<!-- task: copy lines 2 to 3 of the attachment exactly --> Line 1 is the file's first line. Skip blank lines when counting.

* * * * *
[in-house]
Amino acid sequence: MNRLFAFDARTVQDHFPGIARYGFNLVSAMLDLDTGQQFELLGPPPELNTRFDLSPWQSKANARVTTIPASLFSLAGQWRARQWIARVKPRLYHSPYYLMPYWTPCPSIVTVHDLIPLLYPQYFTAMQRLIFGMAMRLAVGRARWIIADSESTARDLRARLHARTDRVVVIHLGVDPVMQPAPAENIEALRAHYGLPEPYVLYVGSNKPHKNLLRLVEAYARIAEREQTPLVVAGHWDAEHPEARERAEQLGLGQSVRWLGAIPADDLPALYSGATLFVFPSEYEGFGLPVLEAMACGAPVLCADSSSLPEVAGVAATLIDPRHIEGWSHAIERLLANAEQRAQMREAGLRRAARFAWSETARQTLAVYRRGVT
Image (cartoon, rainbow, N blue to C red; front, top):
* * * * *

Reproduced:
Amino acid sequence: MNRLFAFDARTVQDHFPGIARYGFNLVSAMLDLDTGQQFELLGPPPELNTRFDLSPWQSKANARVTTIPASLFSLAGQWRARQWIARVKPRLYHSPYYLMPYWTPCPSIVTVHDLIPLLYPQYFTAMQRLIFGMAMRLAVGRARWIIADSESTARDLRARLHARTDRVVVIHLGVDPVMQPAPAENIEALRAHYGLPEPYVLYVGSNKPHKNLLRLVEAYARIAEREQTPLVVAGHWDAEHPEARERAEQLGLGQSVRWLGAIPADDLPALYSGATLFVFPSEYEGFGLPVLEAMACGAPVLCADSSSLPEVAGVAATLIDPRHIEGWSHAIERLLANAEQRAQMREAGLRRAARFAWSETARQTLAVYRRGVT
Image (cartoon, rainbow, N blue to C red; front, top):